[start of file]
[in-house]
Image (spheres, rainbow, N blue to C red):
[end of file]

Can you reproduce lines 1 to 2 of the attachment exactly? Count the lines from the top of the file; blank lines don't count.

[in-house]
Image (spheres, rainbow, N blue to C red):